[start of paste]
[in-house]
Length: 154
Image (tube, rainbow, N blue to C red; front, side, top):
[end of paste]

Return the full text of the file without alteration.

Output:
[in-house]
Length: 154
Image (tube, rainbow, N blue to C red; front, side, top):